CHINCOTEAGUE, Va. (WVEC) -- Shortly after a popular Chincoteague food event ended on Saturday, dozens of attendees started reporting on social media sites that they had become ill with fever and gastrointestinal symptoms after eating food at the event.

The Eastern Shore Health District says it is investigating “a cluster of illnesses” that may be related to the Chincoteague Chili Chowder Cook Off.

In a news release, the health district said it is asking people who attended the cookoff on Sept. 30 to contact the Accomack County Health Department at 757-302-4268.

“We are investigating a cluster of illnesses that may be related to the event. Some attendees have already come forward but we need more information,” the health district said in the news release.

“If you or someone you know attended the event, we need to hear from you. Please contact us at 757-302-4268,” it said.

The fire company sponsors the annual event, which was held Sept. 30 at the Chincoteague carnival grounds.

"We are in contact with the Accomack County Health Department and are working with them in their investigation to determine the source of the problem," the post stated, adding the event in its 18-year history "has never experienced anything like this and rest assured we will be working diligently to make sure this never happens again."

A Delaware woman, who said she took her husband to a hospital emergency department because of the severity of his symptoms, said in a post on the Chincoteague Island Locals and Guests Facebook page that hundreds of people had been affected.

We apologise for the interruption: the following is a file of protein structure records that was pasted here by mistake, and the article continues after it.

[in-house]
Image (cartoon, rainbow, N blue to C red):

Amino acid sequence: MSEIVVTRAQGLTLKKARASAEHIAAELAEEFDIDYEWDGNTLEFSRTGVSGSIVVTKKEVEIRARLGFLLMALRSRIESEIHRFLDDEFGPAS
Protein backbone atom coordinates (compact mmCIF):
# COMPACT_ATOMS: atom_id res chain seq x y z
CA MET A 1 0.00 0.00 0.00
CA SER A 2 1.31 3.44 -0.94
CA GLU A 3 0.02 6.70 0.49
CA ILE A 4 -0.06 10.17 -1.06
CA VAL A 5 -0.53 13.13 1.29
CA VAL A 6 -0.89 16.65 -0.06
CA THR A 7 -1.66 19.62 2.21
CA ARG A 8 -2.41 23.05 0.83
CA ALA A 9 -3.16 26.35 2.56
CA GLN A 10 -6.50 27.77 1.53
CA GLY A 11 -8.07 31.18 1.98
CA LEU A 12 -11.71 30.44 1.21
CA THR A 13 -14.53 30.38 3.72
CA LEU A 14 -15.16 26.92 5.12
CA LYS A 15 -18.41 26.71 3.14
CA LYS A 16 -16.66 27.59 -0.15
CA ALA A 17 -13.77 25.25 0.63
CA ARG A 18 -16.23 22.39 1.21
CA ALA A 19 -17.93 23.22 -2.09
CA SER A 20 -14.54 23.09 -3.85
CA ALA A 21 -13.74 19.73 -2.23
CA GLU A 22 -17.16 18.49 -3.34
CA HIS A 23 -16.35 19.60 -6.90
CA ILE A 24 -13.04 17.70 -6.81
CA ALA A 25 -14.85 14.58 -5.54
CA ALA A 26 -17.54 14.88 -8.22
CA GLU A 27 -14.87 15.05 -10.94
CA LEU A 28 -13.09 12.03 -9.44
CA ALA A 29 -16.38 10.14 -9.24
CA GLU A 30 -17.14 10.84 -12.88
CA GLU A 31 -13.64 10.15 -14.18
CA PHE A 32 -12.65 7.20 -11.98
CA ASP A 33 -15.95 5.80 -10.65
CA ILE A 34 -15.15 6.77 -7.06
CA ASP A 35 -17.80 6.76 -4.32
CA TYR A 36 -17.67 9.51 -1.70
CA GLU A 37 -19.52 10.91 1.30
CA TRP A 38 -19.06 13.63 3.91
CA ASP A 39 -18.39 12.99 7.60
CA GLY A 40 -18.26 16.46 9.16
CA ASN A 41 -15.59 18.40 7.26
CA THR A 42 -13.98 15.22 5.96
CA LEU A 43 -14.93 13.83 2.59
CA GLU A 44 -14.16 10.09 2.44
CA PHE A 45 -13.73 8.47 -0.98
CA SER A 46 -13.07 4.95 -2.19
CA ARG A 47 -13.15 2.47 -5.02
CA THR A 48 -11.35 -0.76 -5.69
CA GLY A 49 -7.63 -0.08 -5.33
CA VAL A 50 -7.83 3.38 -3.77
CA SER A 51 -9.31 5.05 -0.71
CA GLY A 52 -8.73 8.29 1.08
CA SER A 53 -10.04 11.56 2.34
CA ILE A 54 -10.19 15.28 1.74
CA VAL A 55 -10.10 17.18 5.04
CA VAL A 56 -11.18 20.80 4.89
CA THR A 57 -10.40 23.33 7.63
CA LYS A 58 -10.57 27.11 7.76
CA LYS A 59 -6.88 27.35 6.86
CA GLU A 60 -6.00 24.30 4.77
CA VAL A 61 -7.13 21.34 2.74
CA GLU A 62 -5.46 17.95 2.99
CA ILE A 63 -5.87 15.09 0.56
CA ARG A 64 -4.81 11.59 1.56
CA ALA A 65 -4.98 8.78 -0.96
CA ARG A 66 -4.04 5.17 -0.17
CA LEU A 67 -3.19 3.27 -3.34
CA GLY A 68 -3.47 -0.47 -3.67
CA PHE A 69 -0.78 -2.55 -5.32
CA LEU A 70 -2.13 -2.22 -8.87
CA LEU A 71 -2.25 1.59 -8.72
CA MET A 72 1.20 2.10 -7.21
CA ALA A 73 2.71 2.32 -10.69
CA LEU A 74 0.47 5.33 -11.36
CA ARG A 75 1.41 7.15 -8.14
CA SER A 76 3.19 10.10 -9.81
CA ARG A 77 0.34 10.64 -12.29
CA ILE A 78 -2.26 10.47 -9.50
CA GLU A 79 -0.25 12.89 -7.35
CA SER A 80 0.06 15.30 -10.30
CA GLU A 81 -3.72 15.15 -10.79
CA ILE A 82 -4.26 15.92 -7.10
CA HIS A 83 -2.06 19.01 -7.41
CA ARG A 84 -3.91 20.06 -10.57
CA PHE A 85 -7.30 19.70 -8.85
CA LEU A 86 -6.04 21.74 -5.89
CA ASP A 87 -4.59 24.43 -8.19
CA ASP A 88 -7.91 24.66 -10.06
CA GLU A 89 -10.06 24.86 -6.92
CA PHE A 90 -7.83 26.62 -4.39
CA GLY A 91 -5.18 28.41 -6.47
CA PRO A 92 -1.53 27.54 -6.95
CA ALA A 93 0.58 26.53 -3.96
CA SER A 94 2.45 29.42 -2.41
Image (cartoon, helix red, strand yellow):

The Chincoteague Volunteer Fire Company is aware of the situation, a post on the fire company's Facebook page said.

Food vendors at temporary events in Virginia are required to obtain a permit from the local health department, which must be posted where the public can see it, according to the Virginia Department of Health website.

Restaurants and other establishments that hold a valid permanent VDH Food Establishment Permit do not need to obtain an additional permit as long as food served at the event is prepared in accordance with the Board of Health food regulations, according to the health department.

About one in six Americans each year becomes ill from foodborne diseases, according to the Centers for Disease Control and Prevention.

Of that number — totaling about 48 million people —128,000 are hospitalized and 3,000 people die.

Symptoms of foodborne disease typically include nausea, vomiting, diarrhea and abdominal pain, according to the Virginia Department of Health.

Additional symptoms may include fever, headache, malaise, muscle ache, loss of appetite, weight loss, chills and dehydration.

In addition, serious illness sometimes can follow a gastrointestinal illness, including a severe kidney condition called HUS that can happen after illness caused by E.coli infections.

In Virginia, the most frequently reported gastrointestinal diseases include bacterial infections such as salmonellosis and campylobacteriosis and a parasitic disease called giardiasis.

The Virginia Health Department Office of Epidemiology's Division of Surveillance and Investigation monitors all outbreaks in the state.